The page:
New Project: Pedestrian User Experience at Roundabouts

Roundabouts reduce the severity of crashes at intersections, but transportation agencies have received some feedback from pedestrians indicating that roundabouts, especially larger multi-lane roundabouts, can be difficult to navigate.

Roundabouts continue to be installed on state and local roads in Minnesota—as well as the United States. They have gained popularity for their ability to increase safety and efficiency of vehicle traffic. It has also been found that roundabouts reduce pedestrian related crashes.

However, there have been conflicting observations about pedestrian user experience pertaining to clarity, visibility, access, safety, and delays.

The professional community and transportation agencies want to understand pedestrian behavior, pedestrian treatments for improving visibility of pedestrians and behavior of drivers, guidance with regard to pedestrian treatments, and best practices to follow when evaluating roundabouts for pedestrian user experience.

In a new project, researchers will look at pedestrian safety data, best practices for pedestrian features at roundabouts, and features that can be implemented to help pedestrians be seen, noticed, and yielded to.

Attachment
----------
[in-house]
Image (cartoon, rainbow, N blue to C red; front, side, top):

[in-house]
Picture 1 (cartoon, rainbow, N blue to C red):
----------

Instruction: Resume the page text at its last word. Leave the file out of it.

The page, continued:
The project team will develop a guidebook and decision tools for improved designs and controls for current and future roundabouts. These resources will be geared toward MnDOT, cities, and counties.

Project Details

  • Estimated Start Date: 09/30/2020
  • Estimated Completion Date: 09/30/2022
  • Funding: Minnesota Department of Transportation & Local Road Research Board
  • Principal Investigator: Ranjit Godavarthy
  • Technical Liaison: Joe Gustafson

Details of the research study work plan and timeline are subject to change.

To receive email updates about this project, visit MnDOT’s Office of Research & Innovation to subscribe.

4 thoughts on “New Project: Pedestrian User Experience at Roundabouts”

  1. The picture is a horrible example of a poorly designed “roundabout” that took out all the safety features of a REAL roundabout.
    * The angle of the approaches is designed to promote maximum car speed instead of coming in more perpendicularly
    *, The lampposts obscure the pedestrian from drivers’ view just as she’s about to enter the crosswalk.
    * Pedestrian lighting should illuminate the pedestrian and the walkway, not be silly and decorative with fancy globes way up high and glaring into people’s eyes
    * The lanes are way too wide.
    * Build that fake painted median so it actually does something.

      1. And what about bicyclists? Some of these are terrible to use in the lane or using the pedestrian facilities.

  2. This article is nonsense. Data shows 40% fewer pedestrian crashes at roundabouts. Peds clear in one direction at a time and have a median refuge that reduces exposure to traffic.

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